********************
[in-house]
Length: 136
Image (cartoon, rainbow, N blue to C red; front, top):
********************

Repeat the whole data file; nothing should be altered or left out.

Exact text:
[in-house]
Length: 136
Image (cartoon, rainbow, N blue to C red; front, top):